I think it was January 2015 when I wrote my first “to do this year” list. It had items such as ‘try a swing dance class’ and ‘read Sylvia Plath’s diaries’ and ‘visit Paris’. It also listed ‘try a life drawing class’.
Lists like that are great reminders of all the things you’ve been meaning to do for years. I’ve stopped doing them, because I know Sylvia Plath is still on there (that book is so enormous and feels so special). Other items I was able to cross off eventually, such as the swing dance class and the visit to Paris. But life drawing had been at the back of my mind for a really long time.
A few weeks ago, new in town with nothing to do, I was browsing through Meetup when I came across a life drawing class that was due to meet the next day. On a whim (as most things I do), I cancelled the writing group I’d booked that day and signed up for the art class.
Reader, I loved it.
To be in a room full of strangers who are all collectively staring at the one stranger who’s naked is an odd situation. I’m someone with a strong sense of propriety (and shyness), so I generally avoid looking at people, especially those I really want to look at. It takes some getting used to, having that freedom to study someone like this.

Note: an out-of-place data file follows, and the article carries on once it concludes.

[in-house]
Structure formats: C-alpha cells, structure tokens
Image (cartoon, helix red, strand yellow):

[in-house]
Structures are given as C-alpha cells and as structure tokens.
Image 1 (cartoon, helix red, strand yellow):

Now, I have no artistic aspirations. I let go of drawing as a hobby around the age of 15, and ever since have been flirting with the activity maybe once a year. But the impulse to capture something wonderful is constant, and with me almost every day. Those two hours per week I’ve been treating myself to are purely for my own enjoyment: I get to look at one of my favourite things, the human body, and try to capture my favourite parts of it in pencil, ballpoint pen or even digitally. (I hope to add colour one day. A girl can dream.)
When I lived in London, I went to the Victoria & Albert Museum a couple of times to draw statues there. Drawing a living, breathing human being is a different thing altogether. A person doesn’t stay in one spot for fifteen to twenty minutes; often I’ve been so busy with a detail such as a hip bone or shoulder blade that when I come back to, say the legs, the model’s position will have moved away from what I’ve already sketched. Or, even worse, I watch them struggle in a difficult position – during Wednesday night’s session the entire room was sketching furiously five minutes into a 20-minute pose, as if our drawing faster could somehow ease the obvious pain he clearly hadn’t anticipated.
I’m glad I finally got around to doing this, and I don’t know why I never did before. To get to satisfy my curiosity like this, to explore things I’m able to do with a pen and learn something along the way is a wonderful thing, and I look forward to the next class.